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ETU takeaways...

post #1 of 26
Thread Starter 
will you all take a few minutes and please post the 1 or 2 takeaways that you have from attending ETU... Thanks!

kiersten
post #2 of 26
"There's no ice at Stowe!"

This comment sort of became our group's motto after our instructor Tim related a story to us. Apparently several of the PSIA demo team members were making an instructional video at one point on the subject of skiing ice. And the camera went through their group getting comments like "we see ice at Snowbird", "we see ice at Sun Valley", etc. Finally got to Dave Merriam who replied, straight-faced, that "there's no ice at Stowe".

After we would ski over the icey -- I mean "glassy" -- sections, we would be repeating this to each other.

------

The other classic comment from Tim: there are two kinds of conditions at Stowe: good and easy. This weekend was "good".
post #3 of 26
On a more serious note...

I forget who said it, but at Bob Barnes' Saturday evening presentation, somebody said "let the pressure come from the hill". I tried to keep that in mind while skiing on Sunday, and I found it made a difference.

But, the "big one" as it were, was when Tim told us to imagine a line extending to the trail edge along the inside edge of our inside ski. When starting a new turn, don't let the tails of your skis cross over that line. "Roll the ankles" and "phantom moves" never worked for me, but that mental picture does. I don't know if anybody was smiling more then me after we took a run down the icy "North Slope" trail and I felt totally in control the whole way down. What a difference!

Heck, I'm still smiling!

[img]smile.gif[/img]
post #4 of 26
I had the absolute privilege of having Bob Barnes as my coach. He is just amazing. The right sorts of corrections and tips, and fabulous encouragement.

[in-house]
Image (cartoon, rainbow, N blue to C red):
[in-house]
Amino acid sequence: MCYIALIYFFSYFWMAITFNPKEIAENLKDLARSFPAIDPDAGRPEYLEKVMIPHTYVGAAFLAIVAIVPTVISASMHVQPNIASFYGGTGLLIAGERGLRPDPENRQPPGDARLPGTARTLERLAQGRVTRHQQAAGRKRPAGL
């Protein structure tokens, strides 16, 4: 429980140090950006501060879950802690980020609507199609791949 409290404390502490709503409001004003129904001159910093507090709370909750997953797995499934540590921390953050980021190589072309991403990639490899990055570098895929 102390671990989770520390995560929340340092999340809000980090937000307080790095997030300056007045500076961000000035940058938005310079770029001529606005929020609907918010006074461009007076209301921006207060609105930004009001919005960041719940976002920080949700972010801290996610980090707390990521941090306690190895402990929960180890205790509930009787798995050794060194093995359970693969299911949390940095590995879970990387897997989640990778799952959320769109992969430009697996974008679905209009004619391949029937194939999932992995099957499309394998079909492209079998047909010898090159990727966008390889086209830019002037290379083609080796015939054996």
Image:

Now I've got to go back and read about 50,000 lines of old posts to figure out in my head what he got me into doing in muscle memory [img]smile.gif[/img]

All I know is I was skiing a lot smoother, more still and yet more dynamic, and a whole lot easier, by the end of the ETU.

And "There is no ice in Stowe" - except in certain parking lots. Apologies for waking up the crowd Saturday night with the loud curses from underneath my van.
post #5 of 26
Did you fall down and go boom? Is that what I heard? I thought the avalanche guns were going off!
post #6 of 26
No matter how easy the trail you are on, or the one you are merging with looks, don't let your guard down. I do it all the time and I did it at Stowe.

Let the feet work together! No more single action of the feet!

Turn to accelerate. Did I hear that right, Tom? I always thought that turning was used to control the speed.
post #7 of 26
Quote:
Originally posted by skierteach:
No matter how easy the trail you are on, or the one you are merging with looks, don't let your guard down. I do it all the time and I did it at Stowe.

Let the feet work together! No more single action of the feet!

Turn to accelerate. Did I hear that right, Tom? I always thought that turning was used to control the speed.
Hello Skierteach:

I hope you are feeling better after your accident. We got another dump of the white stuff today. Anyhow, I just wanted to say it was nice to meet you and hope we can get together again.
post #8 of 26
Thread Starter 
My two favorite takeaways from skiing with Stu:

1. learning about the slow and the fast parts of the skis and when to use them

2. skiing the slow line fast

those were two major LIGHTBULBS that went on my head.

thanks Coach,
kiersten
post #9 of 26
It is truly great to hear of the successes and revelations you all have had at the ETU!

I too believe that there are only two kinds of conditions--those that are GOOD, and those that are GOOD FOR YOU! There's no doubt that those conditions over the weekend were good for you! With single-digit temperatures following the rain on Thursday, things "set up" a bit. Stowe did a great job with their snowmaking through the cold nights, though, and their grooming made the conditions actually quite good, I thought. Yes, it was firm, and it got a bit skied-off in the afternoons, but hard conditions like that give unmistakable and accurate feedback about your movements (and about the sharpness, or lack thereof, of your edges!). Push those tails even a little, and hard, slick snow will let you know about it!